CrashCourse ecology videos on Youtube, used a teacher's guide from PBS American Experience to look at the history of Earth Day and study the life and work of Rachel Carson, finally we are using material we borrowed from our local school district to look at the topics covered in Pennsylvania's Envirothon. That material was split into five components. We decided to save the aquatic ecology portion for the end of the year when the weather would be more conducive to working outside in water. This week, the weather was perfect for measuring the velocity of a local stream. We used worn out drum sticks (Finally a use for those things!) to mark two spots along the shore then dropped floats in the stream and timed their progress. It was a fun experience and we discovered that our stream has some tricky currents that snag your floats and mess up your data. The book we are using for this portion of his study is Rivers and Streams by Patricia A. Fink Martin. I really like the way this book is put together. It has plenty of hands on activities that are easy to do, but also challenging.
Make: Electronics by Charles Platt. My husband is leading the study of this subject. They ordered some kits online that were designed specifically for this book. The last few weeks they have been building things around the house. The day I took this picture, we had some lemon batteries running on the kitchen table. EM has a good grasp of technical concepts so this is a great way for him to really get into a topic he enjoys. As I did this year, next year I will have EM focus on a different scientific subject for the first half of the year, and return to his electronics again after Christmas. He's not a fan of the life sciences, but we managed to get some of that out of the way with a study of anatomy this year. Next year I think we will look at Earth Science.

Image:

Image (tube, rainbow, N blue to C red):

JT and I have been starting to work on his application for the community college where he hopes to take a class in the fall. He will most likely register for an introduction to chemistry class. Based on the course description, I don't think the material will be too challenging for him, but instead I hope to use this experience to help him learn how to take a class. The credits at this school are relatively inexpensive and I think it will be a great investment to let him learn when the stakes are low compared to later when he's paying much more per credit at his chosen university. Baby steps towards adulthood and independence are happening every day.